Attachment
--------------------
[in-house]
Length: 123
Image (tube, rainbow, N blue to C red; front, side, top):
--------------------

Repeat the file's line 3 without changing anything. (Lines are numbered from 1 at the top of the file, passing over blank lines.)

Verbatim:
Image (tube, rainbow, N blue to C red; front, side, top):